I’m happy to welcome author Linda Bradley to the Power of 10 series. Today, Linda shares her favorite holiday traditions and her latest release, A Montana Bound Christmas.
1. A Fir Tree is the only tree for me. I love the mossy color, short soft needles, and woodsy aroma.
2. Decorate with loving care. My collection of ornaments includes vintage glass, handmade crafts my boys created as youngsters, a crocheted Santa that was my mother’s favorite childhood ornament, an eclectic brood of snowmen, a moose, and a ceramic disc depicting a girl catching snowflakes on her tongue. This ornament is on my latest book cover and was a gift. It reminds me of childhood dreams and pristine snowflakes that make winter shine.
3. Hang boughs of greens lit with white twinkle lights. White lights remind me of candlelit services, starry heavens, sleigh rides, and wonder.
4. Wrap the gifts in simple paper and rustic ribbon.
5. Give to the less fortunate. Donate clothing and toys for families in need.
6. Carry on traditions from my childhood. Cookies and letters for Santa, socks, underwear, new pajamas for little ones on Christmas Eve, and pecan sticky buns on Christmas morning.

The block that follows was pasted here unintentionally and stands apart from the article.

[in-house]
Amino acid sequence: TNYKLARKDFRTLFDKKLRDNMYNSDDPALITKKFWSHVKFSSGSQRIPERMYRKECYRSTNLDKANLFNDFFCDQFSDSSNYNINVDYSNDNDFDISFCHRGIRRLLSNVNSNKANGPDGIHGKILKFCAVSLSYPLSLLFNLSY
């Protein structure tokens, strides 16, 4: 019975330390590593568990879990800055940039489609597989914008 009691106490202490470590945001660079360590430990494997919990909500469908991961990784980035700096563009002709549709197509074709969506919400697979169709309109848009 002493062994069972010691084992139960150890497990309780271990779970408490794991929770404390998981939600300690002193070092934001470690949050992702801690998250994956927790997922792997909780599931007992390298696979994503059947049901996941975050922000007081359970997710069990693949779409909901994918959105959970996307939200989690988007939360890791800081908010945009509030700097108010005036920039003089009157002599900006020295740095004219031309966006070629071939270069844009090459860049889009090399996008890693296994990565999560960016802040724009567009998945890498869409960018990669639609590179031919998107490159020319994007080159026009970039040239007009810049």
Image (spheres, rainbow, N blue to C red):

7. Watch the original, cartoon version of How the Grinch Stole Christmas. My favorite scene is when the Grinch straps antlers on his dog. So comical! I don’t think my Maisey would go for that.
8. Watch A Charlie Brown Christmas. Love the music and the speech Linus gives.
9. Light a candle and say a prayer for peace.
10. Bake cookies. And lots of them! I make the recipes my mom made with me as a child. Some of the family favorites are Humpty Dumpty Sugar Cookies, Shortbread, and Chocolate Chow Mein Cookies. This is a platter of cookies I baked for my A MONTANA BOUND CHRISTMAS: Ho, Ho, Home for the Holidays! book release party. This batch is complete with character names and book details.
Sugar Cookie Recipe from Humpty Dumpty Magazine
This recipe is most near and dear to my heart. My mother made these cookies every year. It meant staying up past bedtime and baking with the woman I loved most. Fond memories of unwrapping sticks of butter, measuring sugar, sniffing the scent of vanilla, the sound of my mother’s wedding ring clanking against the yellow glass bowl as she mixed, and the anticipation of Santa on Christmas Eve haven’t faded even though the recipe card has.
*I was unable to locate the Humpty-Dumpty Magazine issue this recipe came from. I believe it to be circa late 1950’s or early 1960’s.
½ cup butter
¾ cup granulated sugar
1 teaspoon vanilla
Add and alternate:
1 Tablespoon milk
Dry flour mixture
Dry Flour Mixture:
Mix these ingredients in a separate bowl.
2 cups sifted flour
1½ teaspoons baking powder
Chill overnight before rolling out and doing cut-outs.